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Old 02-22-2012, 07:35 AM   #1
jules083 OP
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Newbie route planning question

My girlfriend and I are going from eastern Ohio to Las Vegas in the middle of June, riding 2 up on an FJR. We're planning on camping as much as possible, using a mix of Tent Space Sign-up thread, private campgrounds, and Motels. We're planning on around 400 miles or so a day, with a few short days in interesting areas. Packing will be as light as possible, I'm a little guy and the bike is plenty heavy already. (5'9", 150 lbs) We want to do a southern-ish route on the way there, with a norther-ish route coming home. This is our longest trip by far, previously we've only done weekend camping trips. She's has her own bike but won't be ready to ride it that far by then, so we're stuck with one bike.

How do you guys plan routes? I've been playing on map quest and google maps for a bit, and looking at my huge (4'x8') paper map, but haven't come up with much yet. Is there some super awesome route planning link I've missed, or does everyone spend days on map quest figuring it out? Or just plug a destination into the GPS and hope for the best?

Thanks. Maybe I'm over thinking this, it's just looking like a PITA to get this part figured out.
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Old 02-22-2012, 08:23 AM   #2
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For a trip that long I think paper maps need to be a big part of trip planning . You get a bigger picture that way.

You have to decide what types of roads you want to ride. If interstates then planning is really easy.

If you want to lots of back roads, get good paper maps and just look for roads that go more or less the direction you want to go.

If you have a GPS and some kind of support software like Garmin Mapsource, then create routes of where you want to go using the route drawing tool. I guess there are things like this in Google Maps, but I have never used them.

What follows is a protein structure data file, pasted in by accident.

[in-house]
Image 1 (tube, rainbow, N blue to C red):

But I think you do have to be going back and forth between paper and the computer. At least that's what I generally do.
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Old 02-22-2012, 08:38 AM   #3
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Originally Posted by wbbnm View Post
For a trip that long I think paper maps need to be a big part of trip planning . You get a bigger picture that way.

You have to decide what types of roads you want to ride. If interstates then planning is really easy.

If you want to lots of back roads, get good paper maps and just look for roads that go more or less the direction you want to go.

If you have a GPS and some kind of support software like Garmin Mapsource, then create routes of where you want to go using the route drawing tool. I guess there are things like this in Google Maps, but I have never used them.

But I think you do have to be going back and forth between paper and the computer. At least that's what I generally do.
We're planning mostly backroads. I think I'll just get the atlas out and start planning I guess. I have an Apple so Mapsource won't work for me.

Would Garmin Roadtrip let me load a route into my GPS, or is a different way to do it?
http://www8.garmin.com/support/downl...ls.jsp?id=4332

I want to be able tell my GPS where I'm going and what roads I want to take, but I don't know how, or if, this works. Maybe I'll just go with a map on the tank bag and the GPS tuned to take me to my stop for the night then go from there.
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Old 02-22-2012, 08:41 AM   #4
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As part of a 2-up team myself, I am the President in Charge of Route Planning. I like to use paper maps first to get a rough idea of the route. Since we try to avoid interstates whenever possible, I just get out the map and try to find a route alternative to the interstate; the narrower and twistier the road, the better.

I also consider what things and places we want to see on the way, and adjust the route accordingly. Once I have a rough idea of the route, I'll use Streets and Trips to figure out the mileage. My SO uses that to plug the route into the GPS.

http://www.microsoft.com/streets/en-us/default.aspx
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Old 02-22-2012, 08:48 AM   #5
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As part of a 2-up team myself, I am the President in Charge of Route Planning. I like to use paper maps first to get a rough idea of the route. Since we try to avoid interstates whenever possible, I just get out the map and try to find a route alternative to the interstate; the narrower and twistier the road, the better.